A partnership led by Rolls-Royce is building a low carbon aircraft it hopes could shatter the electric speed record by reaching more than 300mph.
The Accelerating the Electrification of Flight (ACCEL) programme, which is partly funded by the UK Government, is expected to become operational by 2020.
The companies involved hope it will be able to beat the previous record of 210mph set in 2017 by Siemens.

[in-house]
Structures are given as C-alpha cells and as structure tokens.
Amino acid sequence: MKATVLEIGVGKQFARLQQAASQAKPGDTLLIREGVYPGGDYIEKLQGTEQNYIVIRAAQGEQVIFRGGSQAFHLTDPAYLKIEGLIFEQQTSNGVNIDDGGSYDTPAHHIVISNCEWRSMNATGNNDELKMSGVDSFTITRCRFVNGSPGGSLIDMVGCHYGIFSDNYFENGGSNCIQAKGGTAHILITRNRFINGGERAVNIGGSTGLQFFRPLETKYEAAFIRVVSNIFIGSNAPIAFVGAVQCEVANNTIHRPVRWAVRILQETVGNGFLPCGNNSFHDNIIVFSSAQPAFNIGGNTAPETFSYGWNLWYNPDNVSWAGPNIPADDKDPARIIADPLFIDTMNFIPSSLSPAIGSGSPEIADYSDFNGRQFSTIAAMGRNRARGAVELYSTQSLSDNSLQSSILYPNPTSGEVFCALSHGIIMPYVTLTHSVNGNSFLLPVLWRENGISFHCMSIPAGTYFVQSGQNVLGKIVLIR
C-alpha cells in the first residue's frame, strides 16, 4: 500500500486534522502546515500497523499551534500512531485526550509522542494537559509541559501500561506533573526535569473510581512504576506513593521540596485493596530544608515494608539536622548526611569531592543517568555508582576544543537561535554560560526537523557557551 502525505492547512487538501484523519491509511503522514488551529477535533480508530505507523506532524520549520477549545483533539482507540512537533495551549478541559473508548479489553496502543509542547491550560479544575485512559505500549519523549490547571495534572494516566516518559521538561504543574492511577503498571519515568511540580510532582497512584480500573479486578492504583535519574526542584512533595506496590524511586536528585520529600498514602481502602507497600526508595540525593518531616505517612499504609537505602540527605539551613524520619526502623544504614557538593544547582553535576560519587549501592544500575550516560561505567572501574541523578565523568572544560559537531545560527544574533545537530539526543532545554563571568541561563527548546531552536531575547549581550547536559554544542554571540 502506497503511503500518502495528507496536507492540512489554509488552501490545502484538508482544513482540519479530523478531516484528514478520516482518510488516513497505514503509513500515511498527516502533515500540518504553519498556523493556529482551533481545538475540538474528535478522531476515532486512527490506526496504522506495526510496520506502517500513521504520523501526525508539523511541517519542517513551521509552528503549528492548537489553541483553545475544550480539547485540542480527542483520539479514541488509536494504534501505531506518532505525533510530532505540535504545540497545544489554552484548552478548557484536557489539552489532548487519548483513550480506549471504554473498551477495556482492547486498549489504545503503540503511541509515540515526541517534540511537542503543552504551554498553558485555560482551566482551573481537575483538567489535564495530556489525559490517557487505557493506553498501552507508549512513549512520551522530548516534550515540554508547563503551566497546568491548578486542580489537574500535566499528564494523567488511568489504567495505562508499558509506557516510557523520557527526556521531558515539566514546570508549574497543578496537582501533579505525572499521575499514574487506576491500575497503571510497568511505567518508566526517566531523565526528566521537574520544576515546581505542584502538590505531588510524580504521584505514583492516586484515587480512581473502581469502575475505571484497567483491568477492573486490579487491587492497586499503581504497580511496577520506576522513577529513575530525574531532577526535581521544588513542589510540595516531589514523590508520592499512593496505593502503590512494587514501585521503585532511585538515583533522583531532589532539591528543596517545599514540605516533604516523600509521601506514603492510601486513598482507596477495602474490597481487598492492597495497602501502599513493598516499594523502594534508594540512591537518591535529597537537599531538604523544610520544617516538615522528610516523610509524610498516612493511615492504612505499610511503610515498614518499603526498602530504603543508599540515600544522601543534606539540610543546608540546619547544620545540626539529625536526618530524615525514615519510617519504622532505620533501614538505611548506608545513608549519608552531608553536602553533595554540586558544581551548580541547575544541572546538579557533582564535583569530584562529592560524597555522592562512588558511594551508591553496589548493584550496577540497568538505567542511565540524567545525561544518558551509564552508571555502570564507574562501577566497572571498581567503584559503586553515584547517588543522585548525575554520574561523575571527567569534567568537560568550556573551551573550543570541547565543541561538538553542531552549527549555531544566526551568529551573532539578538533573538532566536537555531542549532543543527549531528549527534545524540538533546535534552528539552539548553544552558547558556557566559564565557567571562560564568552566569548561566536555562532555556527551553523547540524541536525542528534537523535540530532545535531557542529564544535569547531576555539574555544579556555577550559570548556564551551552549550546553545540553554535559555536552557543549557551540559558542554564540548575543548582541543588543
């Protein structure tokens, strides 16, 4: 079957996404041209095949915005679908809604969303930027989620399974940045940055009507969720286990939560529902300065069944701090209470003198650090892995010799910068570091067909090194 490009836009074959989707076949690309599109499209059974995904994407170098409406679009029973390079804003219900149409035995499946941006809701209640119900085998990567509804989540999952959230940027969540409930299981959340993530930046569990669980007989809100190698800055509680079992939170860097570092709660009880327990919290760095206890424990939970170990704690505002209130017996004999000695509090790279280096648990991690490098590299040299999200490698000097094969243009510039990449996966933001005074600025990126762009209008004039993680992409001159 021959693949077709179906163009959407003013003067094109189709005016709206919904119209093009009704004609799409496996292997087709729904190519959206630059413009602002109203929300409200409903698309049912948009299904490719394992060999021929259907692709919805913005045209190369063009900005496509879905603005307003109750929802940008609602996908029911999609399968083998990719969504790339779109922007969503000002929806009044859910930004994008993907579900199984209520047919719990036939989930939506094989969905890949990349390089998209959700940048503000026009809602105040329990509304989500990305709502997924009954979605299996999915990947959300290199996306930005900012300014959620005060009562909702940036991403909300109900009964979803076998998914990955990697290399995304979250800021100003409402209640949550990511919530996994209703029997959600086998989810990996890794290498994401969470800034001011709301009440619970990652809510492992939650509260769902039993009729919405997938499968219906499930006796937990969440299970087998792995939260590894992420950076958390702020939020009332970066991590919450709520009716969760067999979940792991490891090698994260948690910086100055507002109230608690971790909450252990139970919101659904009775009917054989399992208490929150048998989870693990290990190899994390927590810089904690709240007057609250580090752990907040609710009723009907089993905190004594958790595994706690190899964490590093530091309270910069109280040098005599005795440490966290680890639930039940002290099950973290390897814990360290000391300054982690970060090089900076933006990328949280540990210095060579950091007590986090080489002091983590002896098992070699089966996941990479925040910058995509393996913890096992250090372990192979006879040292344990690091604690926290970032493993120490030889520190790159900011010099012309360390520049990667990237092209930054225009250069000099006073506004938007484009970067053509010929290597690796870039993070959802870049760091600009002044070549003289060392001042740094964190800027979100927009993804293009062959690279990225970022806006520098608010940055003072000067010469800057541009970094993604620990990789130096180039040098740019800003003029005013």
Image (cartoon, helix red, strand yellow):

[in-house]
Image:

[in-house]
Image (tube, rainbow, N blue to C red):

They say the single-seater propeller-aircraft will use a battery pack of 6,000 cells, which Rolls-Royce claims is the most energy-dense energy storage unit to have ever been installed in a plane.
This will allow it to generate 750kW of power, enough to supply around 250 homes, while boasting a range capable of flying from London to Paris.
Matheu Parr, Rolls-Royce’s ACCEL Project Manager, said: “This plane will be powered by a state-of-the-art electrical system and the most powerful battery ever built for flight.
“In the year ahead, we’re going to demonstrate its abilities in demanding test environments before going for gold in 2020 from a landing strip on the Welsh coastline.”